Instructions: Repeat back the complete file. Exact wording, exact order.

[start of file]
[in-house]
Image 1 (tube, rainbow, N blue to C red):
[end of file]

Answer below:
[in-house]
Image 1 (tube, rainbow, N blue to C red):